Micro finance in India

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An overview of Micro finance in India

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Micro finance in India

  1. 1. Paper Presentation On “Microfinance in India” Presented ByDeepak Tiwari Ravichandra.G Sir M. Visvesvaraya Institute of Technology Bangalore 03/18/13 1
  2. 2. CONTENTSIntroductionFactsRegulatory Bodies and their activities. Status of Micro Finance.Self Help GroupsRole of Banks to MFI’sProblems in MFI’sSolutionsConclusion
  3. 3. INTRODUCTIONProvision of financial services such as credit, saving, andinsurancePoor individuals which fall below the poverty lineImpact of improving livelihood opportunities through theprovision of capitalFounded of the Grameen bank in Bangladesh by YusufGroup lending, individual lending , the provision of savingsand insurance, capacity building, and agricultural businessdevelopment servicesCreation of social value
  4. 4. Facts Due to its large size and population of around 1000 million, IndiasGDP ranks among the top 15 economies of the worldA group of micro-finance practitioners estimated the annualized creditusage of all poor families Sat over Rs 45,000 crores, of which some 80percent is met by informal sources.There are about 60 million households below or just above theausterely defined poverty line and with more than 80 percent unable toaccess credit at reasonable rate.As on 31 March 2009, there are more than 61 lakh saving-linkedSHGs and more than 42 lakh credit-linked SHGs and thus, about 8.6crore poor households are covered under the programme and 4 out of 5microfinance clients in India are women.
  5. 5. Regulatory Bodies And Their ActivitiesSHGs, NGOs,NABARD,1995The National Microfinance Taskforce,1999Working Groups on Financial Flows to the Informal Sector.2002Microfinance Development and Equity Fund,NABARD,2005Working group on Financing NBFC’s by Banks-RBIActivities include Microcredit, Micro savings, Micro insurance andRemittances
  6. 6. Micro Finance In India
  7. 7. SELF HELP GROUPS(SHGs)Major role on poverty alleviation in rural India as they Activelyengage in saving and creditCreate some control over capital-very small amountsGradually away form exploitation and isolation10-25 members and collect savings from members typically once aweekGovernment of government and non-governmental agencies, they non-governmental agencies, they now make up 90 % of all SHG’s.Start without any external financial capitalSmall internal loans for micro finance enterprise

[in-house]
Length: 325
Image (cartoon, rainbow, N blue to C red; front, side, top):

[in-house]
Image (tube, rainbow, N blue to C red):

8. 8. Self Help Groups2009-102008-092007-082006-072005-06
  9. 9. Sources of capital and links between SHG’s and banksLink up with financial institutions-loans for investments inrural enterpriseNGO’s and banks are giving loans –Matching loansRepayment-Recommendations by group, facilitators collaterals providedNote: Nabard to refinance banks at 6.5% pa Banks to SHG’s at 12% pa Banks to NGO’s at 10.5% pa
  10. 10. Banks assistance to MFIs
  11. 11. Comparative Analysis of Micro finance services offered to the poor:
  12. 12. Investment Credit - Refinance
  13. 13. The Problems of Mainstream MFIsBorrower Unfriendly Products and ProceduresInflexibility and DelayHigh Transaction Costs, both Legitimate and IllegalSocial Obligation and not a Business OpportunityFinancing to Alternative MFIsComplexity in Legal and Regulatory Framework
  14. 14. Problems for Alternative Micro-Finance InstitutionsThe alternative finance institutions have not been fullysuccessful in reaching the needy. There are many reasons forthis:1. Financial problems leading to setting up of inappropriatelegal structures and Inappropriate Legal Forms 2. Lack of commercial orientation3. Lack of proper governance and accountability4. Isolated and scattered
  15. 15. Solutions Greater legitimacy, accountability and transparency in MFIs There is a need to recognize a separate category of Microfinance It should be specified that at least 80% of the assets of MF-NBFCs should be in the form of microcredit of upto Rs. 50,000 for agriculture, allied and non farm activities and in case of housing, loans upto Rs. 1,50,000, per individual borrower. MF-NBFCs as Business Correspondents (BCs) for a local feel. Relaxation in FIPB guidelines and Unifying regulatory oversight Tax Concessions and Accounting and Disclosure Norms. As micro-insurance agents
  16. 16. CONCLUSIONIndia’s achievement of the MDG of halving the population of poor by2015 as well as achieving a broad based economic growth also hinges ona successful poverty alleviation strategy. In this backdrop, the impressivegains made by SHG-Bank linkage programme in coverage of ruralpopulation with financial services offers a ray of hope.Underlying Belief of Self Help Groups..............“Give a man a fish and you feed him a day but teach him how to fish andyou feed him a lifetime”Many little things done in many little places, by many little people,will change the face of the world. - An old Chinese saying
  17. 17. Any Questions

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